So I’ve been working on a little side project for the last couple of weeks to try and create a video based training school to allow myself to scale and maybe not have to repeat myself as much when ever I join a new client.

So I decided to take my post on the Uncommon Sense and turn that into a mini course to try things out.

This was in some ways just an excuse to learn about DSLR filming (read buy some toys), non-linear editing, colour grading etc. Now it’s not perfect (the audio isn’t great as my shotgun mic wasn’t working) but it feels good enough to share.

Let me know what you think or what else you might like to see.

Shot with:

  • Panasonic G80
  • Leica 15mm f1.7 Lens
  • Movo VXR10GY (was not correctly wired in!)
  • Joby GorillaPod
  • Blackmagic DeckLink (YUV:422 HDMI 1080p29.97)
  • Capture: MediaExpress (MJPEG)
  • Edit/Colour/Export: Davinci Resolve (MP4 – H264)
  • Teachable Hosting

3 thoughts on “My side project to try and scale myself: Software Mastery School

  1. Hey Dan, really great mini-course. I found the bit where you criticise the red-green-refactor dogma really interesting. It seems like you’re saying two things:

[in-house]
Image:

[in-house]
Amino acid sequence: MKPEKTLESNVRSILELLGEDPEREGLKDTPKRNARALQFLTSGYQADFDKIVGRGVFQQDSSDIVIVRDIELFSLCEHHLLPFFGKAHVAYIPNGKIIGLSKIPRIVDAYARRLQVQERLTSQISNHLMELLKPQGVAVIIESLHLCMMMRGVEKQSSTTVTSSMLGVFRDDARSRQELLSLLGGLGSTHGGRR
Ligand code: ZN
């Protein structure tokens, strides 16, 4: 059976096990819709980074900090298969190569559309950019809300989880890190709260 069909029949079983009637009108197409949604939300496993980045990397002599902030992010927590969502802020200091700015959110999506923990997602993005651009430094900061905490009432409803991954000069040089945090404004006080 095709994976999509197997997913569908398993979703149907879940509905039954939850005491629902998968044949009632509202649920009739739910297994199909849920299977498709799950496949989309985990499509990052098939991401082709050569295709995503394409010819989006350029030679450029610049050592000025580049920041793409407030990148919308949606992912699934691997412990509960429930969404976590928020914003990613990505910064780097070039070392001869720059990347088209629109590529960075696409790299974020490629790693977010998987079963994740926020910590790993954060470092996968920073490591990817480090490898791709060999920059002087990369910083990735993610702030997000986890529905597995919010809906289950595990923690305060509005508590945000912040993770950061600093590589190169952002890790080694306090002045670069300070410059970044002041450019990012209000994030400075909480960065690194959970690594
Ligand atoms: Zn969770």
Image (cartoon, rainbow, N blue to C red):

– ‘spike’ should be added as a step in the cycle.
    – It’s not a cycle. It’s more like a graph, or playbook, through which a few different paths could be taken.

    Any plans on adding to the course?

  2. Yea I’d like to do a lot more but as with most things in life, time is the problem. I think to actually make it enjoyable to watch I need to do multi camera angles and do screen capture at the same time.

    Were there any particular subjects you were interested in?

  3. Re: screen capture. Yes if you could weave some real code in, that would be great. It might be difficult to find bite-sized examples though.

    The points about attitude and approach are the most interesting to me, e.g “To go really really fast you need to consciously go really really slow”.

    It strikes me that there are few role models in software for this kind of thing – perhaps because it’s an activity that’s difficult to observe. I find myself looking elsewhere for inspiration. I have been watching Adam Ondra’s (world-famous climber) ‘Road to Tokyo’ youtube series recently. He’ll often spend an hour analysing and mentally rehearsing a boulder problem before he even gets on the wall.

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